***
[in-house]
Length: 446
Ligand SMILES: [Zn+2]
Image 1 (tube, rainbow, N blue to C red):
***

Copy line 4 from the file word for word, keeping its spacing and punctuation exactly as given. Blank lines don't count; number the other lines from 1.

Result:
Image 1 (tube, rainbow, N blue to C red):